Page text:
Thomas made her name, in other words, simply by staying in the same gruntwork job far longer than any of her colleagues could bear. She started on the beat in 1960; stories describing her as the dean of the White House press corps can be found as early as 1979. At some point, through sheer force of longevity, she became etched into the Washington landscape. If you made a movie about the White House, you needed a Helen Thomas cameo. (She played herself in Dave and The American President, and also in a humorous sketch made by President Clinton's staff for the 2000 White House Correspondents' Association dinner.) In recent years, she has begun collecting awards at a breathtaking pace: More than 30 honorary degrees, the Helen Thomas Lifetime Achievement Award from the White House Correspondents' Association, the International Women's Media Foundation Lifetime Achievement Award, the National Press Foundation Kiplinger Distinguished Contributions to Journalism Award, and the Glamour Woman of the Year Award, among many others.

The odd thing about her awards and citations is that they almost never mention any specific contributions she has made to journalism save for being female and, well, old. The usual path to journalistic fame, other than appearing regularly on television, is to break a major story--Ida Tarbell and Standard Oil, Bob Woodward and Watergate, et cetera. But Thomas has no connection to any such body of work. She has never had a big scoop or been a finalist for a Pulitzer Prize. Indeed, of the many people who recognize Helen Thomas, it's unlikely that one in 100 can recall a single article she has ever written. She was simply there, a fact made evident in her previous books, Front Row at the White House; Thanks for the Memories, Mr. President; and Dateline: White House, all of which reflect little more than an insider's nostalgic congeniality.

Thomas's new book delicately attempts to reconcile her old role as Washington institution and her current role as crusading outsider. Her basic argument is that the young whippersnappers in the press corps don't ask tough questions the way the old-timers used to. "I believe the journalists of the past," she writes, "were more dedicated to the profession than those now." The new generation lacks "historical perspective on government deception and folly."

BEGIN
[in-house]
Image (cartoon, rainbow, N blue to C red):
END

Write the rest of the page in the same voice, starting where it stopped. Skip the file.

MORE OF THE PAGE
Uncomfortably for her thesis, she spends much of the book reminiscing fondly about the old days when presidents slapped backs and threw down drinks with the ink-stained wretches covering them. Thomas presents the Kennedy years--during which, she writes, "The atmosphere [between Kennedy and the press] was chummy"--as a golden age of journalism.

The more Thomas reveals about how things worked in her salad days, the worse her argument looks. She recounts how, at one point, she wrote a sympathetic story about Lyndon Johnson's regular visits with his aged cousin. Johnson's press secretary, naturally, was delighted--seeing the piece as a paean to the president's "rough, but somehow tender, sensitivity to the loneliness of an elderly widow" and predicting it would win him millions of votes. Alas, LBJ took inexplicable offense. So, recalls Thomas, "He stopped `wining and dining' me. He no longer invited me to the ranch, and he no longer considered me the friend he once did." All this in retaliation for her attempt to write a puff piece! Explain to us again how journalists were tougher back then?

It is true that Thomas has always been known as an aggressive questioner of presidents and their flacks--especially Republican presidents, who especially offend her (obviously liberal) sensibilities. But a turning point in her role took place in 2000, when she quit her beat at United Press International and started a column with Hearst Newspapers. Liberated from the constraints of objectivity, her tough questions increasingly devolved into unhinged rants.